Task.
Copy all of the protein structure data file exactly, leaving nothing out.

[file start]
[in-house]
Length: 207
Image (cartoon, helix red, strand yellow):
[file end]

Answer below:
[in-house]
Length: 207
Image (cartoon, helix red, strand yellow):